6. The Overland Track
Expert hikers will love the Overland Track in Tasmania. It is a scenic 65-kilometre trail surrounded by forests, waterfalls, valleys, and alpine meadows. You can book your trip and choose a four-, six-, eight-day stay. The Overland Track is a challenging trail not recommended for amateurs and beginners. Even experts need to prepare if they want to complete their hike without a guide. Regardless of whether you’re trekking alone or with a guide, you will be required to book your walk with the Tasmania Parks and Wildlife Service.
If you decide to get a paid tour, you can get a guide and comfortable accommodation. But if you choose to rough it alone, make sure that you are an experienced hiker and that you are ready with all your camping needs, from tents and sleeping bags to food and everything else. Just a couple more side notes for an Overland Track hike: from November to May, visitors must acquire permits before entering the park. Walks are also completed from north to south at this time of the year.
7. Bluff Knoll
For a more easy climb, Bluff Knoll is an easy pick. It is a beautiful mountain that offers excellent views from its base to its peak. Its slopes are showered with a brilliant display of wildflowers, making the trek enjoyable and a little less tiring. Bluff Knoll is the highest point of the Stirling Range that you can add to your list when exploring South Western Australia. It provides an accessible path for intermediate hikers.
8. Frenchmans Cap
The alluring combination of white and green makes the Frenchmans Cap a top choice for hikers and photographers. However, this mountain is more famous for its 300-meter cliffs that make hiking even more challenging. If you have a brave heart and a strong pair of legs, Frenchmans Cap in Tasmania is perfect for you. There are various walking trails in Tasmania that you will love.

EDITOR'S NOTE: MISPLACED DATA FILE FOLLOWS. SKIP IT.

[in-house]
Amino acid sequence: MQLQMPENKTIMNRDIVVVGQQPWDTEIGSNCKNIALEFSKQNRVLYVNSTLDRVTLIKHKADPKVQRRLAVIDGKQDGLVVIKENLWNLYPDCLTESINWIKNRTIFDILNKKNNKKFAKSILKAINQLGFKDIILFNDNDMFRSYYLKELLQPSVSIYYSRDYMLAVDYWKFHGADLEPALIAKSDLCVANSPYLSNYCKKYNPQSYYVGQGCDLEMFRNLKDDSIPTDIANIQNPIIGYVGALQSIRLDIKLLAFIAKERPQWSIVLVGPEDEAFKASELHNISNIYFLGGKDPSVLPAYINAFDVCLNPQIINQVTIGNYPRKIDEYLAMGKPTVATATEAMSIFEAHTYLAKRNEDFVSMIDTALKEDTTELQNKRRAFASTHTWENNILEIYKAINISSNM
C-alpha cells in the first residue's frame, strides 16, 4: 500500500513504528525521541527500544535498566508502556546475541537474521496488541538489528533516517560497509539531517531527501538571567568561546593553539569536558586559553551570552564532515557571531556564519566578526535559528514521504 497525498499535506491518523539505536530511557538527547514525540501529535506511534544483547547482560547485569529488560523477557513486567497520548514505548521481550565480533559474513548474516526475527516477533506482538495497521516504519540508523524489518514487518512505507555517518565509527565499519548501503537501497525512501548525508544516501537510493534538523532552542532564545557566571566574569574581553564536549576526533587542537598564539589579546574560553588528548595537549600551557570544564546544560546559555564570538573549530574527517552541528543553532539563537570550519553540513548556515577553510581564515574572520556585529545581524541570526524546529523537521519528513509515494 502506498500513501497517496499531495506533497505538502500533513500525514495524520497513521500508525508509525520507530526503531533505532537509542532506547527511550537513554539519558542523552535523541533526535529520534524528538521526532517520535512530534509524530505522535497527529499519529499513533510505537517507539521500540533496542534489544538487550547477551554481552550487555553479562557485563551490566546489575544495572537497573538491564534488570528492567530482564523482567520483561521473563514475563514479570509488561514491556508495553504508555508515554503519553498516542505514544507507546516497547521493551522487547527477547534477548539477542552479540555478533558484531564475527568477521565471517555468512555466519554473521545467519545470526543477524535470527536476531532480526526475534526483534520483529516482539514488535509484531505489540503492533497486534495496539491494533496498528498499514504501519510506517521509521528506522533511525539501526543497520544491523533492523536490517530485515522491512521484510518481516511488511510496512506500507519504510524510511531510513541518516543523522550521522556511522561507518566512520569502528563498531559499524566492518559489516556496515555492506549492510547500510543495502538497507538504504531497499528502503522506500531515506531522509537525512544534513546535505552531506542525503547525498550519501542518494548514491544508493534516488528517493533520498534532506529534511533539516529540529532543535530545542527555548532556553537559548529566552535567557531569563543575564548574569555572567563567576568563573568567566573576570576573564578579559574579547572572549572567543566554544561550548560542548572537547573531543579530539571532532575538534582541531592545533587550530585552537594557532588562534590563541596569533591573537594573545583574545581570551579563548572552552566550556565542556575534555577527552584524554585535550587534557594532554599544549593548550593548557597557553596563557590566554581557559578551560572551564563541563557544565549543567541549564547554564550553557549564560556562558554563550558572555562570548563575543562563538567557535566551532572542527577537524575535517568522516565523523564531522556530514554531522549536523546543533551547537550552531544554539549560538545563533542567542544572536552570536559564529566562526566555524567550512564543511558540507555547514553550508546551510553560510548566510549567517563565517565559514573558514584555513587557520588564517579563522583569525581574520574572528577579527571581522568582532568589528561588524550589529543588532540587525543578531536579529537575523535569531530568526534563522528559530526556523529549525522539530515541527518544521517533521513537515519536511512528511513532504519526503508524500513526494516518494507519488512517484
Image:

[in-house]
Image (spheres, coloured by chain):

9. Mount Gower
Mount Gower is yet another challenging mountain to hike in Australia, 875 meters tall with a forested terrain; this mountain is not easy. Climbing Mount Gower requires a local guide. There are also ropes installed through the steepest parts of the peak of the Lord Howe Island. It’s safe to say that if steep trails scare you, Mount Gower might prove to be too challenging.
Overall, Australia is one of the most beautiful places in the world, rich with natural wonders. Its vast mountain ranges make it a top choice for hikers worldwide, not to mention that the country also has a warm, sunny climate.
If you’re looking to hike in one of Australia’s beautiful mountains, make sure to consider your level of experience. There are perfect trekking trails for beginners, intermediate, and advanced hikers all over the country.
About The Author: Cal Bailey runs Mountain Leon – a travel blog he started after two years of backpacking worldwide.
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More Australian Walks for active travellers
Check out these blog posts if you are interested in a walking holiday in Australia:
Photo Credits of this guest post:
1. The Blue Mountains N.P. via Shutterstock
2. Heysel Trail via Flickr
3. Lake Moogerah on the Scenic Rim via Shutterstock
4. Uluru Base Walk via Rocky Travel
6.View from Mt. Ossa The Overland Track Tasmania via Shutterstock
7. Bluff Knoll via Flickr
8. Frenchmans Cap Tasmania Via Flickr
9. Mount Gower via Flickr